Diebold and Electronic Systems & Softway (ES&S)
ES&S managed many aspects of the 2004 election, including voter registration, printing of ballots, the programming of their voting machines, tabulation of votes (often with armed guards keeping the media and members of the public who wished to witness the count at bay) and the first reporting of the results -- for 60 million voters in 47 states. Actual counting of votes by citizens is very rare in the U.S., except for a few counties in Montana and other states, where paper ballots are still hand-counted. (http://valleyadvocate.com/gbase/News/content?oid=oid:91516)
The largest investors in ES&S, Sequoia (another voting machine company), and Diebold are government defense contractors Northrup-Grumman, Lockheed-Martin, Electronic Data Systems (EDS) and Accenture. Diebold hired Scientific Applications International Corporation (SAIC) of San Diego to develop the software security in their voting machines. A majority of officials on SAIC's board are former members of either the Pentagon or the CIA including (http://bellaciao.org/en/article.php3?id_article=5517):
Army Gen. Wayne Downing, formerly of the NSC
Bobby Ray Inman; former CIA Director
Retired Adm. William Owens, former vice chairman of the Joint Chiefs of Staff
Diebold chairman, president, and C.E.O., Walden O'Dell, is a prominent Bush supporter and fund-raiser who proclaimed in 2003 that he was "committed to helping Ohio deliver its electoral votes to the president next year." (See "Hack the Vote," by Michael Shnayerson, Vanity Fair, April 2004.) (http://bellaciao.org/en/article.php3?id_article=5359)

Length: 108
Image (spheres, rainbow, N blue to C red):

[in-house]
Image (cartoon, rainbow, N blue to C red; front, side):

One of the longest-serving Diebold directors is W.R. "Tim" Timken. Since 1991 the Timken Company and members of the Timken family have contributed more than a million dollars to the Republican Party and to GOP presidential candidates such as George W. Bush. Between 2000 and 2002 alone, Timken's Canton-based bearing and steel company gave more than $350,000 to Republican causes, while Timken himself gave more than $120,000. In 2004, he was one of George W. Bush's campaign Pioneers, and pulled in more than $350,000 for the president's reelection bid. (http://www.motherjones.com/commentary/columns/2004/03/03_200.html)
On a CNBC cable TV program, Black Box Voting (which opposes electronic voting) executive Bev Harris showed guest host Howard Dean how to alter vote totals within 90 seconds by entering a two-digit code in a hidden program on Diebold's election software. "This is not a bug or accidental oversight," Harris said. "It is there on purpose." (http://valleyadvocate.com/gbase/News/content?oid=oid:91516)
Managers of a subsidiary of Diebold once included a cocaine trafficker, a man who conducted fraudulent stock transactions and a programmer jailed for falsifying computer records. The programmer, Jeffrey Dean, wrote and maintained proprietary code used to count hundreds of thousands of votes as senior vice president of Global Election Systems, or GES. Diebold purchased GES in January 2002. According to a public court document released before GES hired him, Dean served time in a Washington state correctional facility for stealing money and tampering with computer files in a scheme that "involved a high degree of sophistication and planning." He left when Diebold acquired GES. (http://www.wired.com/news/evote/0,2645,61640,00.html)